Mathematics Stack Exchange is a question and answer site for people studying math at any level and professionals in related fields. Join them; it only takes a minute:

Sign up
Here's how it works:
  1. Anybody can ask a question
  2. Anybody can answer
  3. The best answers are voted up and rise to the top

a busy cat

Given $N = \text{random variable that counts the fraction of trials that are successful trials} = 12$

$N = S/12$

$S = \text{number of successful trials}$

$E(N)= ?$

i don't know how to find $E(N)$ is there a specific formula? can someone help me out with this problem

share|cite|improve this question
You can calculate the probability of a single experiment succeeding, right? Call that $p$, as it's the same for every other experiment. So imagine each experiment as a whole being a single coin flip with probability of success $p$. So you're looking for the expected number of successes after 12 flips. Do you know which distribution this follows? – Alex R. Mar 27 '13 at 18:13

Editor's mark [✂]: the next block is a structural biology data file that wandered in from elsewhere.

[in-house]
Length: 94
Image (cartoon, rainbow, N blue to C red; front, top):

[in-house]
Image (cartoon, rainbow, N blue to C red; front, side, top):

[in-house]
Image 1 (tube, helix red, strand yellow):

up vote 2 down vote accepted

It is useful to introduce some notation. Define random variables $X_1,X_2,\dots, X_n$ by $X_k=1$ if the $k$-th trial is successful, and $X_k=0$ if the trial is not successful.

Then $S=X_1+X_2+\cdots +X_n$: the sum of the $X_i% counts the number of successful trials.

Finally, note that $N=\dfrac{S}{n}$: $N$ is the proportion of successful trials. Then $$E(S)=E(X_1+X_2+\cdots +X_n)=E(X_1)+E(X_2)+\cdots +E(X_n).$$

We calculate $E(X_i)$. The probability that $X_i=1$ is the probability of $2$ heads, which is $\frac{1}{4}$. So $E(X_i)=(1/4)(1)+(3/4)(0)=1/4$.

It follows that $E(S)=\dfrac{n}{4}$.

Note that $E(N)=E\left(\dfrac{1}{n}S\right)=\dfrac{E(S)}{n}$.

Thus $E(N)=\dfrac{1}{4}$.

Remark: The answer is intuitively clear. Actually, the number of successes in $n$ trials has binomial distribution with "$p$", the probability of success, equal to $1/4$. The proportion of successes should have expected value $\frac{1}{4}$. We introduced the random variable machinery because it will be long run useful.

share|cite|improve this answer

Your Answer


By posting your answer, you agree to the privacy policy and terms of service.

Not the answer you're looking for? Browse other questions tagged or ask your own question.